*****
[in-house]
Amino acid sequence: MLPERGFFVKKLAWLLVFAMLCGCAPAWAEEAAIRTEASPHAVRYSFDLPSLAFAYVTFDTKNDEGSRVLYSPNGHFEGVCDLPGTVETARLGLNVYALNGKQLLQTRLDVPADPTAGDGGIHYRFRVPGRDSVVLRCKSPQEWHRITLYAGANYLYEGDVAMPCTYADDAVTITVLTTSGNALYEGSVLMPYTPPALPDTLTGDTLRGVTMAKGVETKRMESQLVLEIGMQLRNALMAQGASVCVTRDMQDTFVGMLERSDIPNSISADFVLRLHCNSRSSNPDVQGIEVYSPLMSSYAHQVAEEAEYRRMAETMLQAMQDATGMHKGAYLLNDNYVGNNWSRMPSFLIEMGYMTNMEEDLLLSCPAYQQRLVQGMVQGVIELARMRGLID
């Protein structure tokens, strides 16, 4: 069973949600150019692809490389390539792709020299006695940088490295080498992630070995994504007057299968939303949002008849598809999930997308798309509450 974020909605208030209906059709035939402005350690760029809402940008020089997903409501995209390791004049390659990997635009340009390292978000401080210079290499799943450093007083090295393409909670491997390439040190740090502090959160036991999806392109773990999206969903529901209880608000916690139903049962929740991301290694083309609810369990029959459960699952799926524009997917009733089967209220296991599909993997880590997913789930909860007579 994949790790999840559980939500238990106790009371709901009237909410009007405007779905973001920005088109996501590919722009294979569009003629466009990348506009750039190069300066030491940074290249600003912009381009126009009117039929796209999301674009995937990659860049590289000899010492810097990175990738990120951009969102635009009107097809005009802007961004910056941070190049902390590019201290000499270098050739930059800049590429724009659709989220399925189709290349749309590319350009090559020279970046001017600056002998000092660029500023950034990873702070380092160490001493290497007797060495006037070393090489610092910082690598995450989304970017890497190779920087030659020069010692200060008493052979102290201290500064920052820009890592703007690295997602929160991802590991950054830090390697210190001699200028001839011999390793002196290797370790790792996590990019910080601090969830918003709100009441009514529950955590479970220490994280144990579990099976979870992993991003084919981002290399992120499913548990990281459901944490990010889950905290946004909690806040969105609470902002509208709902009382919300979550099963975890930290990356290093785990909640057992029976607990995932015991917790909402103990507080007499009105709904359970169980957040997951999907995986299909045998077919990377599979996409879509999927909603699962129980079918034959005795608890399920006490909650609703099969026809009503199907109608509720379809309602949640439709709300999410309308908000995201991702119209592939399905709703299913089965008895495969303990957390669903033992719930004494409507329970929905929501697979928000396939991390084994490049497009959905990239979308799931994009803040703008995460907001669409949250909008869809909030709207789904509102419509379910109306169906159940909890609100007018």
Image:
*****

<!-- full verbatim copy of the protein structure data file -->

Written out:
[in-house]
Amino acid sequence: MLPERGFFVKKLAWLLVFAMLCGCAPAWAEEAAIRTEASPHAVRYSFDLPSLAFAYVTFDTKNDEGSRVLYSPNGHFEGVCDLPGTVETARLGLNVYALNGKQLLQTRLDVPADPTAGDGGIHYRFRVPGRDSVVLRCKSPQEWHRITLYAGANYLYEGDVAMPCTYADDAVTITVLTTSGNALYEGSVLMPYTPPALPDTLTGDTLRGVTMAKGVETKRMESQLVLEIGMQLRNALMAQGASVCVTRDMQDTFVGMLERSDIPNSISADFVLRLHCNSRSSNPDVQGIEVYSPLMSSYAHQVAEEAEYRRMAETMLQAMQDATGMHKGAYLLNDNYVGNNWSRMPSFLIEMGYMTNMEEDLLLSCPAYQQRLVQGMVQGVIELARMRGLID
């Protein structure tokens, strides 16, 4: 069973949600150019692809490389390539792709020299006695940088490295080498992630070995994504007057299968939303949002008849598809999930997308798309509450 974020909605208030209906059709035939402005350690760029809402940008020089997903409501995209390791004049390659990997635009340009390292978000401080210079290499799943450093007083090295393409909670491997390439040190740090502090959160036991999806392109773990999206969903529901209880608000916690139903049962929740991301290694083309609810369990029959459960699952799926524009997917009733089967209220296991599909993997880590997913789930909860007579 994949790790999840559980939500238990106790009371709901009237909410009007405007779905973001920005088109996501590919722009294979569009003629466009990348506009750039190069300066030491940074290249600003912009381009126009009117039929796209999301674009995937990659860049590289000899010492810097990175990738990120951009969102635009009107097809005009802007961004910056941070190049902390590019201290000499270098050739930059800049590429724009659709989220399925189709290349749309590319350009090559020279970046001017600056002998000092660029500023950034990873702070380092160490001493290497007797060495006037070393090489610092910082690598995450989304970017890497190779920087030659020069010692200060008493052979102290201290500064920052820009890592703007690295997602929160991802590991950054830090390697210190001699200028001839011999390793002196290797370790790792996590990019910080601090969830918003709100009441009514529950955590479970220490994280144990579990099976979870992993991003084919981002290399992120499913548990990281459901944490990010889950905290946004909690806040969105609470902002509208709902009382919300979550099963975890930290990356290093785990909640057992029976607990995932015991917790909402103990507080007499009105709904359970169980957040997951999907995986299909045998077919990377599979996409879509999927909603699962129980079918034959005795608890399920006490909650609703099969026809009503199907109608509720379809309602949640439709709300999410309308908000995201991702119209592939399905709703299913089965008895495969303990957390669903033992719930004494409507329970929905929501697979928000396939991390084994490049497009959905990239979308799931994009803040703008995460907001669409949250909008869809909030709207789904509102419509379910109306169906159940909890609100007018």
Image: